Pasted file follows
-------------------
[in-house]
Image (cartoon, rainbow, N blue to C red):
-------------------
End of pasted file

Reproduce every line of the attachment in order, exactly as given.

[in-house]
Image (cartoon, rainbow, N blue to C red):